Makes hand in hand the passage of life;
Each mated flake
Soon sinks in the dark and silent like.

Lo! while we are gazing, in swifter haste
Stream down the snows, till the air is white,
As, myriads by myriads madly chased,
They fling themselves from their shadowy height.
The fair, frail creatures of middle sky,
What speed they make, with their grave so nigh;
Flake after flake,
To lie in the dark and silent lake!

I see in thy gentle eyes a tear;
They turn to me in sorrowful thought;
Thou thinkest of friends, the good and dear,
Who were for a time and now are not;
Like these fair children of cloud and frost,
That glisten for a moment and then are lost,
Flake after flake —
All lost in the dark and silent lake.

Yet look again, for the clouds divide;
A gleam of blue on the water lies;
And far away, on the mountain-side,
A sunbeam falls from the opening skies.
But the hurrying host that flew between
The cloud and the water, no more is seen;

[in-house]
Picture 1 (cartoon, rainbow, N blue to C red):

Flake after flake,
At rest in the dark and silent lake.

— William Cullen Bryant (1794-1878)

brooklyn_museum_-_william_cullen_bryant_-_wyatt_eaton_-_overallThe words penned here fit in quite well with Bryant’s natural and spiritual milieu, most vividly seen in his landmark poem “Thanatopsis.”  His poetry is permeated with melancholy, tenderness, and a love of wilderness and nature.  The deep nostalgia that almost drips from the words as you read them to some critics has come across as sappy, yet to others appear as very wise and filled with meaning and heart.  Mary Mapes Dodge wrote in Schoolroom Poets, “You will admire more and more, as you grow older, the noble poems of this great and good man.”

In “The Snow Shower,” like his other poetry, he looks closely at an aspect of nature — in this case, the falling snow.  It is nearly impossible, I think, not to get entranced by the image he portrays, which really is like the entrancing character of looking at falling snow.  Can you picture it?  Do you remember that moment, when staring into the falling snow, where your mind and heart slowed and you felt a deeper…something?  Time slows and a panoply of memories race as the ‘fair, frail creatures of middle sky’ ‘come floating downward in airy play, like spangles dropped from the glistening crowd.’ I know this feeling well, and the result is captured excellently by Edgar Allen Poe, who said about Bryant’s poetry, “The impression left is one of a pleasurable sadness.”  Exactly.

One truly is moved when Bryant transitions to the last two stanzas.  In only two stanzas he takes a great sadness and points to something that can only be described as ‘hope.’  We understand why he took time to say things such as: